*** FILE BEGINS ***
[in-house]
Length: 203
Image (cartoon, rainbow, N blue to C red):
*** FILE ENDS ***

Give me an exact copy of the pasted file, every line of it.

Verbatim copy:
[in-house]
Length: 203
Image (cartoon, rainbow, N blue to C red):